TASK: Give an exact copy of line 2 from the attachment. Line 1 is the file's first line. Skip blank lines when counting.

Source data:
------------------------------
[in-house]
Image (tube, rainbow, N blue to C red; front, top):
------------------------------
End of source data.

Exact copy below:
Image (tube, rainbow, N blue to C red; front, top):